I did something crazy and signed up for the NaNoWrimo.org contest. Why crazy? Here’s the deal; The contest is to write a 50,000 word novel in 30 days. Crazy especially for me because that’s simply not how I work. I don’t draft in the typical way–hashing out a 50,000 word novel in one month is just not my style.
That’s exactly why I signed up for it.
There’s something interesting about the challenge; To see if I actually can do it. More importantly, I’m curious to find out what will happen if I’m forced to work by a method that’s the anti-thesis of my own. Hey, I might learn something.
The contest does present me with some logistical problems. For one, Quantum is not the project I want to subject to this brutal contest. I’m also reluctant to stop working on Quantum for a month just to go off on some contest adventure. So my solution is to use one of my side-stories planned for the quantum universe. I will work on details of the Quantum universe through the contest without blowing the whole shebang on my pride N’ joy.
Because I’m not fond of the creative masturbation that is the normal drafting process, I will be using my secret weapon in order to keep my muse under control.
Ok, so it’s not really a secret weapon. It’s a bit of David Siegel’s Nine Act structure hammered into the traditional three-act format. Itâ€™s also combining a bit of the twelve stages from Writer’s Journey by Chris Vogler. As you can see I’ve taken the stuff I like the best of a variety of methods, and smashed them into an abstracted three act structure.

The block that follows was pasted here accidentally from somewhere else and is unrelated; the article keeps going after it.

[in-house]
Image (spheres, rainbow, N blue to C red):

You’ll also notice I’ve created this template as a mindmap using a trial version of Mind Manager. This is essentially how I work, creating notes within the mind map and even prose or dialogue. This is just a web exported version, so you don’t get to see the beauty of mindmap functionality, such as the placing and arranging of nodes or ‘topics’ as they are called in MindManager lingo.
Come November and the insanity of the NaNoWrimo contest, this should help keep my little side-foray under control.
When I’m done, I will return to direct work on Quantum using some of the details and ideas gained from my work on the contest.
NaNoWrimo seems like a fun exercise not only in writing but as a community. Go check NaNoWrimo out, and let me know if any of you are coming along for the ride!